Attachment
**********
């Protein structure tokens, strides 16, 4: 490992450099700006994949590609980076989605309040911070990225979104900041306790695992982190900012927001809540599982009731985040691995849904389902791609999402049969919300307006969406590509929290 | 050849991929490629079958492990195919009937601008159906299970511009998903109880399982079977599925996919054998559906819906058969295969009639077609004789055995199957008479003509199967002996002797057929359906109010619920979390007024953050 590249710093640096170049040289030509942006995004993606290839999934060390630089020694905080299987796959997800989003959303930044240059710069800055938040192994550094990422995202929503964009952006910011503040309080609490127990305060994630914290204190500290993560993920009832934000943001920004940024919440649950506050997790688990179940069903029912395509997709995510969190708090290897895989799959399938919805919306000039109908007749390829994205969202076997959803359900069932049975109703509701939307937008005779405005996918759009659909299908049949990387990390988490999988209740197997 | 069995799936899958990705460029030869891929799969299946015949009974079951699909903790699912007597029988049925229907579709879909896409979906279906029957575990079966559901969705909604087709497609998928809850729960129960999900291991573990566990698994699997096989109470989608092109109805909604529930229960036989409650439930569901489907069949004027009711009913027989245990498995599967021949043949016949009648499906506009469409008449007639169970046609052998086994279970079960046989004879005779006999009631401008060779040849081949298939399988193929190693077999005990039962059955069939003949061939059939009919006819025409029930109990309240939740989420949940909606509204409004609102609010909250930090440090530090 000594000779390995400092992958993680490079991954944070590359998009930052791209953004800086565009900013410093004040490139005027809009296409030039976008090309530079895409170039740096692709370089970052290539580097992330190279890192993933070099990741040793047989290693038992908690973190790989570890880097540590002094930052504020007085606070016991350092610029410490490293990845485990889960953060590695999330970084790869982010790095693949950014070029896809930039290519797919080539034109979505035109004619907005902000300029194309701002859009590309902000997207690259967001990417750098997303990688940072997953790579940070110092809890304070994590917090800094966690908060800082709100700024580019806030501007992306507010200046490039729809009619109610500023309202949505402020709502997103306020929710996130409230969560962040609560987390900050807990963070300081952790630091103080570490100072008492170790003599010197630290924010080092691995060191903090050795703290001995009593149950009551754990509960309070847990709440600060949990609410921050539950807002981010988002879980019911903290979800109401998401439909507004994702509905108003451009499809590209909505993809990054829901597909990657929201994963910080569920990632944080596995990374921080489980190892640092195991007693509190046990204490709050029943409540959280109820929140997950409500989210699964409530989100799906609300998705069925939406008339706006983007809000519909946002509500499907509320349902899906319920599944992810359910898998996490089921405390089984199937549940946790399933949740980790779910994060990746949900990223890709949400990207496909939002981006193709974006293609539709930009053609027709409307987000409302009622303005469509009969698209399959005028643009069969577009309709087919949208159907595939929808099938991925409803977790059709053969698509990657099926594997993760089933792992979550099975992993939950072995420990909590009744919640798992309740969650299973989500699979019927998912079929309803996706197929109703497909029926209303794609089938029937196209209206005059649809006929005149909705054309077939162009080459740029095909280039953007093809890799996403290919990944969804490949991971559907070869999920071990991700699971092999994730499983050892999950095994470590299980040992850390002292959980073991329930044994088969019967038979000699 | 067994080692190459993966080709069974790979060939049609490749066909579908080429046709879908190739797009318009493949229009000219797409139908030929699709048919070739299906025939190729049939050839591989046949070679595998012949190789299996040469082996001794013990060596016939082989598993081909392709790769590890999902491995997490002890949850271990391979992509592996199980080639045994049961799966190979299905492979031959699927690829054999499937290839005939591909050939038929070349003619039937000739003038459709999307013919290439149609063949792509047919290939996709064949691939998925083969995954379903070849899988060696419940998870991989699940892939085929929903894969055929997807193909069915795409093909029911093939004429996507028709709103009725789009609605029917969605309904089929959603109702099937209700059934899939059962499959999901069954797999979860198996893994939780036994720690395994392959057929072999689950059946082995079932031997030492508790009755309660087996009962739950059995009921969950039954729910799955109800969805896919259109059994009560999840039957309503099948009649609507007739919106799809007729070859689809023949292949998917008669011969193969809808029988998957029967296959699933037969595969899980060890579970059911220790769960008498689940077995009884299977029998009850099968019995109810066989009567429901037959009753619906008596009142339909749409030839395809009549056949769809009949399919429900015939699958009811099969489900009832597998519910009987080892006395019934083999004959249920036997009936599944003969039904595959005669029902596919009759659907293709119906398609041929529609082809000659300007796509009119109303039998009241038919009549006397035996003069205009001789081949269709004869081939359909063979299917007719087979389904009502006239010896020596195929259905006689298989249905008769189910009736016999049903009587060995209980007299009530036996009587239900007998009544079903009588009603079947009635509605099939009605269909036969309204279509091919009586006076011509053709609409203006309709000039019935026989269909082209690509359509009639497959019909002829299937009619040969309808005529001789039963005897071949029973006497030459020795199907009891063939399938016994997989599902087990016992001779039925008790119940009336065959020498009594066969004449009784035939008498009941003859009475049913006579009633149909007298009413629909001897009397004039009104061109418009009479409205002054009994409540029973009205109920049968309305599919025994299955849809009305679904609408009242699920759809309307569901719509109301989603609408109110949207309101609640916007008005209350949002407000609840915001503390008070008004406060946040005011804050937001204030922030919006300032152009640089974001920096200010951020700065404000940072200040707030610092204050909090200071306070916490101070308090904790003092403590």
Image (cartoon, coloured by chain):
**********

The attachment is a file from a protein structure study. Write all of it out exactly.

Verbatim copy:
């Protein structure tokens, strides 16, 4: 490992450099700006994949590609980076989605309040911070990225979104900041306790695992982190900012927001809540599982009731985040691995849904389902791609999402049969919300307006969406590509929290 | 050849991929490629079958492990195919009937601008159906299970511009998903109880399982079977599925996919054998559906819906058969295969009639077609004789055995199957008479003509199967002996002797057929359906109010619920979390007024953050 590249710093640096170049040289030509942006995004993606290839999934060390630089020694905080299987796959997800989003959303930044240059710069800055938040192994550094990422995202929503964009952006910011503040309080609490127990305060994630914290204190500290993560993920009832934000943001920004940024919440649950506050997790688990179940069903029912395509997709995510969190708090290897895989799959399938919805919306000039109908007749390829994205969202076997959803359900069932049975109703509701939307937008005779405005996918759009659909299908049949990387990390988490999988209740197997 | 069995799936899958990705460029030869891929799969299946015949009974079951699909903790699912007597029988049925229907579709879909896409979906279906029957575990079966559901969705909604087709497609998928809850729960129960999900291991573990566990698994699997096989109470989608092109109805909604529930229960036989409650439930569901489907069949004027009711009913027989245990498995599967021949043949016949009648499906506009469409008449007639169970046609052998086994279970079960046989004879005779006999009631401008060779040849081949298939399988193929190693077999005990039962059955069939003949061939059939009919006819025409029930109990309240939740989420949940909606509204409004609102609010909250930090440090530090 000594000779390995400092992958993680490079991954944070590359998009930052791209953004800086565009900013410093004040490139005027809009296409030039976008090309530079895409170039740096692709370089970052290539580097992330190279890192993933070099990741040793047989290693038992908690973190790989570890880097540590002094930052504020007085606070016991350092610029410490490293990845485990889960953060590695999330970084790869982010790095693949950014070029896809930039290519797919080539034109979505035109004619907005902000300029194309701002859009590309902000997207690259967001990417750098997303990688940072997953790579940070110092809890304070994590917090800094966690908060800082709100700024580019806030501007992306507010200046490039729809009619109610500023309202949505402020709502997103306020929710996130409230969560962040609560987390900050807990963070300081952790630091103080570490100072008492170790003599010197630290924010080092691995060191903090050795703290001995009593149950009551754990509960309070847990709440600060949990609410921050539950807002981010988002879980019911903290979800109401998401439909507004994702509905108003451009499809590209909505993809990054829901597909990657929201994963910080569920990632944080596995990374921080489980190892640092195991007693509190046990204490709050029943409540959280109820929140997950409500989210699964409530989100799906609300998705069925939406008339706006983007809000519909946002509500499907509320349902899906319920599944992810359910898998996490089921405390089984199937549940946790399933949740980790779910994060990746949900990223890709949400990207496909939002981006193709974006293609539709930009053609027709409307987000409302009622303005469509009969698209399959005028643009069969577009309709087919949208159907595939929808099938991925409803977790059709053969698509990657099926594997993760089933792992979550099975992993939950072995420990909590009744919640798992309740969650299973989500699979019927998912079929309803996706197929109703497909029926209303794609089938029937196209209206005059649809006929005149909705054309077939162009080459740029095909280039953007093809890799996403290919990944969804490949991971559907070869999920071990991700699971092999994730499983050892999950095994470590299980040992850390002292959980073991329930044994088969019967038979000699 | 067994080692190459993966080709069974790979060939049609490749066909579908080429046709879908190739797009318009493949229009000219797409139908030929699709048919070739299906025939190729049939050839591989046949070679595998012949190789299996040469082996001794013990060596016939082989598993081909392709790769590890999902491995997490002890949850271990391979992509592996199980080639045994049961799966190979299905492979031959699927690829054999499937290839005939591909050939038929070349003619039937000739003038459709999307013919290439149609063949792509047919290939996709064949691939998925083969995954379903070849899988060696419940998870991989699940892939085929929903894969055929997807193909069915795409093909029911093939004429996507028709709103009725789009609605029917969605309904089929959603109702099937209700059934899939059962499959999901069954797999979860198996893994939780036994720690395994392959057929072999689950059946082995079932031997030492508790009755309660087996009962739950059995009921969950039954729910799955109800969805896919259109059994009560999840039957309503099948009649609507007739919106799809007729070859689809023949292949998917008669011969193969809808029988998957029967296959699933037969595969899980060890579970059911220790769960008498689940077995009884299977029998009850099968019995109810066989009567429901037959009753619906008596009142339909749409030839395809009549056949769809009949399919429900015939699958009811099969489900009832597998519910009987080892006395019934083999004959249920036997009936599944003969039904595959005669029902596919009759659907293709119906398609041929529609082809000659300007796509009119109303039998009241038919009549006397035996003069205009001789081949269709004869081939359909063979299917007719087979389904009502006239010896020596195929259905006689298989249905008769189910009736016999049903009587060995209980007299009530036996009587239900007998009544079903009588009603079947009635509605099939009605269909036969309204279509091919009586006076011509053709609409203006309709000039019935026989269909082209690509359509009639497959019909002829299937009619040969309808005529001789039963005897071949029973006497030459020795199907009891063939399938016994997989599902087990016992001779039925008790119940009336065959020498009594066969004449009784035939008498009941003859009475049913006579009633149909007298009413629909001897009397004039009104061109418009009479409205002054009994409540029973009205109920049968309305599919025994299955849809009305679904609408009242699920759809309307569901719509109301989603609408109110949207309101609640916007008005209350949002407000609840915001503390008070008004406060946040005011804050937001204030922030919006300032152009640089974001920096200010951020700065404000940072200040707030610092204050909090200071306070916490101070308090904790003092403590």
Image (cartoon, coloured by chain):